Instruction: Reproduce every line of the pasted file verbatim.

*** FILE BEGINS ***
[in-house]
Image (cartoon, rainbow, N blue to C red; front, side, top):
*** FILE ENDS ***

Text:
[in-house]
Image (cartoon, rainbow, N blue to C red; front, side, top):